The highway bill is the latest example of Washington’s bipartisan addiction to big spending. Every six years, Congress passes a spending bill that divvies up the revenues from the federal gas tax and other highway user fees. The money goes into an account called the Highway Trust Fund, and for decades Congress has promised not to spend more on roads and bridges than is available in the trust fund.

But the trust fund has run dry thanks to reckless spending and wasteful earmarks, so Congress bailed out the highway program—to the total tune of about $35 billion—in 2008, 2009 and 2010. (more…)



Tuesday, November 8th, 2011


Thursday, October 20th, 2011

DEMINT: Venture socialism

Obama agenda is about shoveling cash to cronies


By Sen. Jim DeMint

Tuesday, September 27, 2011

The demise of Solyndra, the bankrupt solar panel company showered with more than a half-billion dollars in stimulus loans, exposes the fatal flaw of President Obama’s jobs plans.

Government officials rushed $535 million to Solyndra because the Obama administration was determined to make the company the centerpiece of its green agenda regardless of the law of supply and demand. Billions more have been wasted by politicians betting on favored companies and making Washington bigger, using the brute force of government to force liberal preferences into the economy. Mr. Obama calls them “investments,” but this is really venture socialism.

The entire purpose of the $825 billion stimulus bill was to sink government money into politically advantageous projects. Once the federal coffers were opened, the venture vultures eagerly descended. Obama bundler and major Solyndra backer George Kaiser, who splits his time between Oklahoma and California, explained it this way in a July 2009 speech in Tulsa: “There has never been more money shoved out of the government’s door in world history and probably never will be again than in the last few months and the next 18 months. And our selfish, parochial goal is to get as much of it for Tulsa and Oklahoma as we possibly can.”

Mr. Kaiser was right: The government was shoveling money to various projects faster than the country had ever seen. The Department of Energy issued loans or loan guarantees or offered conditional support for loan guarantees totaling $38.6 billion for green energy projects, one of which was Solyndra. The program was supposed to “create or save” 65,000 jobs. But as taxpayers learned in recent weeks, this type of financial support carries substantial risk for the taxpayer. If the project fails, as Solyndra did, government foots the bill. And those promised jobs? They haven’t materialized. The Department of Energy (optimistically) says just 3,545 permanent jobs have been created as a result of the program. Still, the money keeps getting shoveled to high-risk startups. The Department of Energy is expected to finalize $9 billion more in green loans by the end of the month. (more…)



Friday, June 17th, 2011
The Wall Street Journal

  • JUNE 15, 2011

At a time of crisis a wasteful federal agency gets $200 million more.

Long before there was President Obama’s stimulus, there was the Economic Development Administration. The EDA was created in 1965 with the same high-minded intent used to usher in the $814 billion stimulus bill in 2009. Set inside the Commerce Department, the bureau and its grants are supposed to promote economic competitiveness and create jobs. In reality, the EDA has given taxpayers little return on their investment and instead become a slush fund for the well-connected.

Certainly, the bureau has funded some well-meaning projects, just as there were some noncontroversial earmarks mixed in with bridges to nowhere and teapot museums. As a recovering earmarker, I must say that I have supported certain EDA grants in the past. But to my fellow senators, I now say this: If you aren’t willing to cut spending you previously supported, our nation is destined for bankruptcy.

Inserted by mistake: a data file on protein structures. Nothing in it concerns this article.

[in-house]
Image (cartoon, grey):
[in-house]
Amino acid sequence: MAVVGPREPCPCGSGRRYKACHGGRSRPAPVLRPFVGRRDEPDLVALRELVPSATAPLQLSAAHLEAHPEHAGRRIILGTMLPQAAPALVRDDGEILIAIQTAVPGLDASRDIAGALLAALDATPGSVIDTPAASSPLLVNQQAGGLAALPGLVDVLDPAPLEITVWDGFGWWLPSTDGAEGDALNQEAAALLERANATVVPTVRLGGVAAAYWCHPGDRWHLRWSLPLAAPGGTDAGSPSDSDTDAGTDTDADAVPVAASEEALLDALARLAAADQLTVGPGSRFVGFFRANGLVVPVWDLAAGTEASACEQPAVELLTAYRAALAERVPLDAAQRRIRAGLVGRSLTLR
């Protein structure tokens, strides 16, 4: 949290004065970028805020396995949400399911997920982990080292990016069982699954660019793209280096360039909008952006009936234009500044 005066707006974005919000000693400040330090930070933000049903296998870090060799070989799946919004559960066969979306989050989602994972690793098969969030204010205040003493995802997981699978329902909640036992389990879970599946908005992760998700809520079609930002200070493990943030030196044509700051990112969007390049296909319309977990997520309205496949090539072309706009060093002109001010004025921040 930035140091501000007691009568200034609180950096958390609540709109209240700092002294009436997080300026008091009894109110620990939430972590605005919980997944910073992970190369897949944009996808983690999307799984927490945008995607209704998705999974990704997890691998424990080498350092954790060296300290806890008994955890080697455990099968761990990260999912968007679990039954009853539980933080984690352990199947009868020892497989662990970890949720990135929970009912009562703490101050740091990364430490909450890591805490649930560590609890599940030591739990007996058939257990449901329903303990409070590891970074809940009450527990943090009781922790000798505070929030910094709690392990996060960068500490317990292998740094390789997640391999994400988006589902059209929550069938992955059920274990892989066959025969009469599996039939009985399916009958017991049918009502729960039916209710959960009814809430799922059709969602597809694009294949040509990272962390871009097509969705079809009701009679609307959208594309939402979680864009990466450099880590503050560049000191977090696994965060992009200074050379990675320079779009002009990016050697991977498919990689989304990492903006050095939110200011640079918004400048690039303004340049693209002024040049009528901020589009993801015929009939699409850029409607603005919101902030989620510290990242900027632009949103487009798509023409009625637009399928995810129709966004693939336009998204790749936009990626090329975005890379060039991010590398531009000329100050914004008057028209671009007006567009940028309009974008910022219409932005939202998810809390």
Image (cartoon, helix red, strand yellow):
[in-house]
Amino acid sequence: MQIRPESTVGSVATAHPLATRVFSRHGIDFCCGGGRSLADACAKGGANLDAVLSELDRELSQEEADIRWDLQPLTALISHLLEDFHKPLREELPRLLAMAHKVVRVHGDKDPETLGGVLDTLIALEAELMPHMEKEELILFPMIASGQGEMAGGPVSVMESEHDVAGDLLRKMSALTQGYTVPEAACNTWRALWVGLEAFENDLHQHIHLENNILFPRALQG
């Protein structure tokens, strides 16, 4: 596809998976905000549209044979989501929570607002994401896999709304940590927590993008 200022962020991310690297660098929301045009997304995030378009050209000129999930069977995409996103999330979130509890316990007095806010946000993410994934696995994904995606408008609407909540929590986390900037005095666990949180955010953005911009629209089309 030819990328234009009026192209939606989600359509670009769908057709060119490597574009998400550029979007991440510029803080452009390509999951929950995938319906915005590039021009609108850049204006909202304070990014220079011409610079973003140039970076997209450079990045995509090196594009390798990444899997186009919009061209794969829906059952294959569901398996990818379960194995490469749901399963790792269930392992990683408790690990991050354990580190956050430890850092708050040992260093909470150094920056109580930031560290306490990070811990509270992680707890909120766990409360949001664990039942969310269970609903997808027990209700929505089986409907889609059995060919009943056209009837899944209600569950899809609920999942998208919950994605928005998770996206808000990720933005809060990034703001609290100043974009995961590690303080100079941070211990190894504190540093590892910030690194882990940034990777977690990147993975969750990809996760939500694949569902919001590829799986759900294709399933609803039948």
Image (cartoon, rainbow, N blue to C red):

Senate Majority Leader Harry Reid hand delivered a $2 million EDA check in 2008 to the University of Nevada in Las Vegas to begin construction of the ‘UNLV Harry Reid Research and Technology Park.’


Yet, in the midst of a debt crisis, the Senate is currently seeking to increase EDA funding to $500 million a year from $300 million. Worse, this bill passed out of a Senate authorization committee with unanimous, bipartisan support.




Sunday, March 6th, 2011
  • The Wall Street Journal
    • MARCH 4, 2011

    If these outfits can afford to pay lavish salaries to their heads, they don’t need taxpayer help.

    When presidents of government-funded broadcasting are making more than the president of the United States, it’s time to get the government out of public broadcasting.

    While executives at the Public Broadcasting Service (PBS) and National Public Radio (NPR) are raking in massive salaries, the organizations are participating in an aggressive lobbying effort to prevent Congress from saving hundreds of millions of dollars each year by cutting their subsidies. The so-called commercial free public airwaves have been filled with pleas for taxpayer cash. The Association of Public Television Stations has hired lobbyists to fight the cuts. Hundreds of taxpayer-supported TV, radio and Web outlets have partnered with an advocacy campaign to facilitate emails and phone calls to Capitol Hill for the purpose of telling members of Congress, “Public broadcasting funding is too important to eliminate!”

    PBS President Paula Kerger even recorded a personal television appeal that told viewers exactly how to contact members of Congress in order to “let your representative know how you feel about the elimination of funding for public broadcasting.” But if PBS can pay Ms. Kerger $632,233 in annual compensation—as reported on the 990 tax forms all nonprofits are required to file—surely it can operate without tax dollars.

    The executives at the Corporation for Public Broadcasting (CPB), which distributes the taxpayer money allocated for public broadcasting to other stations, are also generously compensated. According to CPB’s 2009 tax forms, President and CEO Patricia de Stacy Harrison received $298,884 in reportable compensation and another $70,630 in other compensation from the organization and related organizations that year. That’s practically a pittance compared to Kevin Klose, president emeritus of NPR, who received more than $1.2 million in compensation, according to the tax forms the nonprofit filed in 2009.

    Today’s media landscape is a thriving one with few barriers to entry and many competitors, unlike when CPB was created in 1967. In 2011, Americans have thousands of news, entertainment and educational programs to choose from that are available on countless television, radio and Web outlets. (more…)

    Search All Posts